The Temple Tunnel
Above ground the Western Wall, or Kotel, measures around 187 feet long. But it actually runs another 1,350 feet underground, beneath homes in Old City Jerusalem. For centuries the wall was left unexplored, buried beneath the ruins of the second Temple destroyed by the Romans in AD 70 and built on through the years.
After the Israelis won the Six-Day War in 1967, Orthodox rabbis under the Ministry of Religious Affairs began a project to tunnel north of the Kotel to search for archaeological evidence of the Holy of Holies and Ark of the Covenant. The result is a subterranean passageway that helps tourists better understand the scope of the ancient Jewish Temple.
The project was tricky due to concern for the structural integrity of the Muslim-owned homes above ground. A mistake (cave-in) not only would have been dangerous but also politically explosive.
In 1982 workers broke through an ancient gate and found several chambers. When they reached the north end of the wall, they connected with a water tunnel from the Hasmonean dynasty (140 BC–37 BC). The area is now officially known as the Hasmonean Tunnel.
Visitors to the tunnel enter from the Kotel plaza. After a short, high-tech presentation of the Temple Mount history, the amazing walk along the Western Wall begins.
One immediately notices the wall’s massive stone blocks, each weighing several tons. One Herodian stone stands out from the rest. Measuring 41 feet long, 11.5 feet high, and 15 feet wide, it weighs an estimated 600 tons (1.2 million pounds).
Two thousand years ago slaves cut and moved these huge stones, using a sophisticated pulley system. They cut them on-site and moved them into place, using no mortar or cement. The Western Wall truly is a structural marvel.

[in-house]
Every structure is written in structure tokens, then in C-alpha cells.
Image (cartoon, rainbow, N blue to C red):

The tunnel was finally opened in 1988. For the first eight years, all tours proceeded north the length of about four football fields. Tourists walked through the narrow passageway all the way to where the excavation stopped. Since there was no exit at the north end, they had to turn around and walk back the same way.
This situation limited the number of daily tours the tunnel could accommodate. Israeli officials, however, were reluctant to build a door at the north end because it would open in the Muslim quarter. Since the Dome of the Rock is close by, any Israeli action, even building a door, could have been misinterpreted as aggression and led to violence.
In September 1996, Prime Minister Benjamin Netanyahu rejected such sentiment and ordered an exit door built, reasoning that it would facilitate tourists, as well as benefit Arab businesses when the tourists exited.
Unfortunately, then Palestine Liberation Organization Chairman Yasser Arafat and other Palestinian leaders did not care about the potential boost to business and encouraged Palestinian protests. The riots caused the most severe violence in the area since the Six-Day War.
Today use of the exit door is contingent on the political climate, which is always in a state of flux. Either way, walking through the tunnel is a thrilling, thought-provoking experience. The opportunity to touch stones placed there 2,000 years ago and to realize the Messiah of Israel could have seen them as He walked, talked, and taught never ceases to amaze and inspire.